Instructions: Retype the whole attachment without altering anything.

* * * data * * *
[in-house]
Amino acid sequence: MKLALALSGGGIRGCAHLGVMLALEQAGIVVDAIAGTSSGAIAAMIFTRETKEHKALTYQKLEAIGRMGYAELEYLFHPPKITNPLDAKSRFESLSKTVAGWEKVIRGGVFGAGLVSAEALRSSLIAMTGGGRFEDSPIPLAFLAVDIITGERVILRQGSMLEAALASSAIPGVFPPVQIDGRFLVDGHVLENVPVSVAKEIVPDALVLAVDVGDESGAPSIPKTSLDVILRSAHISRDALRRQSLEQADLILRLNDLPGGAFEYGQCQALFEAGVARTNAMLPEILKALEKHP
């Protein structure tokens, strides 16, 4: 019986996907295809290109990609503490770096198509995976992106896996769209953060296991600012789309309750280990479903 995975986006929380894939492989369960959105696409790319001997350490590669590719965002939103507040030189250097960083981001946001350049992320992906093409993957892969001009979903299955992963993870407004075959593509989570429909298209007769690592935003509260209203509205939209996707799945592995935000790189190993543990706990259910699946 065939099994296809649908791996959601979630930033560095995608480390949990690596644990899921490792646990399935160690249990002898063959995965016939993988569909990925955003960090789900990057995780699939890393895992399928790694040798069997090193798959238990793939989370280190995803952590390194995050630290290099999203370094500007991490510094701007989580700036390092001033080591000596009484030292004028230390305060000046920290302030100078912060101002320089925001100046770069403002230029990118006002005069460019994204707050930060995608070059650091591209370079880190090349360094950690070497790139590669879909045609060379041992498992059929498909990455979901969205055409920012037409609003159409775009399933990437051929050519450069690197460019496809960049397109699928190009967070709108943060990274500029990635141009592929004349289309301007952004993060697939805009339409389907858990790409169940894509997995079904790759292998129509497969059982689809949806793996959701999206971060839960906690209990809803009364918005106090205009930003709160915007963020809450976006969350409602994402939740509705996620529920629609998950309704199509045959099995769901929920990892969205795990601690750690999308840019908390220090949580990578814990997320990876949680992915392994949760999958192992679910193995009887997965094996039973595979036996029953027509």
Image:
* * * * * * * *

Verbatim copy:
[in-house]
Amino acid sequence: MKLALALSGGGIRGCAHLGVMLALEQAGIVVDAIAGTSSGAIAAMIFTRETKEHKALTYQKLEAIGRMGYAELEYLFHPPKITNPLDAKSRFESLSKTVAGWEKVIRGGVFGAGLVSAEALRSSLIAMTGGGRFEDSPIPLAFLAVDIITGERVILRQGSMLEAALASSAIPGVFPPVQIDGRFLVDGHVLENVPVSVAKEIVPDALVLAVDVGDESGAPSIPKTSLDVILRSAHISRDALRRQSLEQADLILRLNDLPGGAFEYGQCQALFEAGVARTNAMLPEILKALEKHP
């Protein structure tokens, strides 16, 4: 019986996907295809290109990609503490770096198509995976992106896996769209953060296991600012789309309750280990479903 995975986006929380894939492989369960959105696409790319001997350490590669590719965002939103507040030189250097960083981001946001350049992320992906093409993957892969001009979903299955992963993870407004075959593509989570429909298209007769690592935003509260209203509205939209996707799945592995935000790189190993543990706990259910699946 065939099994296809649908791996959601979630930033560095995608480390949990690596644990899921490792646990399935160690249990002898063959995965016939993988569909990925955003960090789900990057995780699939890393895992399928790694040798069997090193798959238990793939989370280190995803952590390194995050630290290099999203370094500007991490510094701007989580700036390092001033080591000596009484030292004028230390305060000046920290302030100078912060101002320089925001100046770069403002230029990118006002005069460019994204707050930060995608070059650091591209370079880190090349360094950690070497790139590669879909045609060379041992498992059929498909990455979901969205055409920012037409609003159409775009399933990437051929050519450069690197460019496809960049397109699928190009967070709108943060990274500029990635141009592929004349289309301007952004993060697939805009339409389907858990790409169940894509997995079904790759292998129509497969059982689809949806793996959701999206971060839960906690209990809803009364918005106090205009930003709160915007963020809450976006969350409602994402939740509705996620529920629609998950309704199509045959099995769901929920990892969205795990601690750690999308840019908390220090949580990578814990997320990876949680992915392994949760999958192992679910193995009887997965094996039973595979036996029953027509």
Image: